Tottenham Hotspur will be looking for a place to call “home” in the near future.
The club announced Wednesday that it wouldn’t able to complete construction of its much-anticipated new stadium in time for the start of the 2017-18 Premier League season.
“We should like to advise supporters that it is highly unlikely we shall be able to open the new stadium at the start of the 2017/2018 season,” a club statement said, according to the Telegraph.
“The club has revised its construction programme in order to take the shortest possible time to construct.
“This now therefore involves the club moving away from the (current home White Hart) Lane during construction for a period of one season, to start at the beginning of a season in order to comply with Premier League rules.
“We are currently undertaking due diligence on alternative stadium options.”
Tottenham plans to build its new 56,250-capacity stadium next to its current home — the 36,240-capacity White Hart Lane. The club hopes to use the resources the new stadium will provide to help it compete with heavyweights at home and abroad.
But a local business has challenged a July ruling, which ordered landowners to sell their plots to the club, in Britain’s high court. The legal process will delay the start of construction, forcing Tottenham to seek alternate venues after the 2016-17 season.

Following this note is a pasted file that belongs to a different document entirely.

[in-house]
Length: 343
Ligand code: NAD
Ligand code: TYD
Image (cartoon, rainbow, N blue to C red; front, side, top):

The Mail reports there are three leading contenders to house Tottenham on a temporary basis. None of them are in Tottenham’s North London neighborhood.
The 32,000-seat Stadium mk in Milton Keynes, nearly an hour away, is one candidate. Tottenham officials visited the stadium during MK Don’s recent upset of Manchester United in the League Cup.
West Ham will move into the Olympic Stadium in East London in the 2016-17 season. Tottenham could share the renovated, 54,000-seat venue with the Hammers if the clubs agree to do so, but that scenario is “highly unlikely,” according to the Mail.
Spurs could look to Wembley Stadium, the home of England’s national team, which sits 25 minutes southeast of Tottenham. Tottenham wouldn’t fill the 90,000-seat venue regularly, but the FA wouldn’t mind scheduling 18 Premier League games (and perhaps another ten or more) at the national stadium.
Another option is for Spurs to rotate homes, depending on the opponent.
Tottenham has time on its side to decide its next, best move.
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